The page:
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HomeNEWSFit-out: Mountain Jade educates as it sells

Fit-out: Mountain Jade educates as it sells

Pounamu and jade retailer Mountain Jade is the largest of its kind in New Zealand. On December 1, it opened a flagship store in Auckland Airport that does justice to the heritage and soul behind its products.

Mountain Jade’s 170 square metre store in Auckland Airport’s international departures area is designed to showcase the natural beauty of New Zealand jade for an audience of 10 million international visitors per year.

In the airport environment, where many shoppers have time to spare before boarding their flights, the store’s five digital touchscreens, collaborations with contemporary artists and jewellers and educational elements give them plenty of reasons to stop by and linger.

Mountain Jade managing director John Sheehan says his team tried to create a space where customers can “discover the journey of jade” and experience cultural connection. The business was started by Sheehan’s grandfather, who began carving pounamu in his garage during the 1980s and sold it from his car around the central and upper North Island.

“We’re jade carvers ourselves, we’re a family business,” says Sheehan.

He says the most powerful customer engagement tool at Mountain Jade’s flagship is the workshop housed in-store.

“Customers can walk in, see the stone being carved, and go, ‘Wow, now I understand.’”

The digital touchscreens showcase the stories of the more than 20 jade artists and craftspeople with whom Mountain Jade collaborates, plus the meanings behind their designs. A ‘discovery’ nook in the back of the store contains imagery, an educational DVD playing, and lightboxes showing the translucency of jade stones.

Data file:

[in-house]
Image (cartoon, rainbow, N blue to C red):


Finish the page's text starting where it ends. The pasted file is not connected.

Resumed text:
Sheehan says Mountain Jade’s flagship’s airside location means it can appeal to a diverse clientele: “The collectors from around the world”. He hopes it will compete with high-end galleries around New Zealand and open the door for artists who may struggle to reach this kind of market while representing themselves.

“There’s some amazing emerging talent in New Zealand and we’re keen to help build their profile and have them come along on this journey of discovery with us,” Sheehan says. “It’s a great opportunity for them to earn a good income and have their work in front of a really wide audience.”

“Our artists will now have huge exposure to a wide range of international travellers, many of whom seek either a carved piece to remind them of New Zealand, or a high-end and unique piece of art.”